The first time Representative Karen Bass heard Joe Biden talk about the car crash that killed his wife and infant daughter, she dropped into her chair, overwhelmed.

It was 2008, and Bass was watching the Democratic National Convention video introducing Biden as the party’s vice-presidential nominee. Less than two years earlier, Bass’s daughter and son-in-law had died in a car crash on the 405. Bass, then in her 50s, had thrown herself into her job as the speaker of the California assembly and hoped to get past the pain. But there was Biden, 36 years after the tragedy that shattered his family, still talking about the magnitude of his loss. “I had this moment,” Bass told me, “where I had to come to grips with the fact that losing my daughter and son-in-law was always going to be a part of the narrative of who I am.”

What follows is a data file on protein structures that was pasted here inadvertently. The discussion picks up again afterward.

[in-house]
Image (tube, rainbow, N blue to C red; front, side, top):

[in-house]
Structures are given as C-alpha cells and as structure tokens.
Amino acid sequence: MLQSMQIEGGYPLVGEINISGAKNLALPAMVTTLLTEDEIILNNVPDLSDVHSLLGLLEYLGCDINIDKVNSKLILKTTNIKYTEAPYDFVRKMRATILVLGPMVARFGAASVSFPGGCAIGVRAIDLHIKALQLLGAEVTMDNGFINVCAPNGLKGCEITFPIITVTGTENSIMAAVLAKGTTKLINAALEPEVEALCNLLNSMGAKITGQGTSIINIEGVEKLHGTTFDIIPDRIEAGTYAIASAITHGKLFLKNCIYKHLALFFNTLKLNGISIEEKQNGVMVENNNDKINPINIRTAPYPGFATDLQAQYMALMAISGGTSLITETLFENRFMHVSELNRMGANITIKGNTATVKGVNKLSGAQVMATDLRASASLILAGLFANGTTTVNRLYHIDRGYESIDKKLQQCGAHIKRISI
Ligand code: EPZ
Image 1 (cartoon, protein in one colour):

Four years later, as Biden and Barack Obama were being reelected, Bass won a seat in the House, representing parts of Los Angeles. But she didn’t tell Biden what he’d meant to her until this March, when she introduced him at a Super Tuesday chicken-and-waffles event. “We both just shared that you learn how to get up in the morning,” she told me. “You learn how to live, but your life is fundamentally changed, dramatically changed.”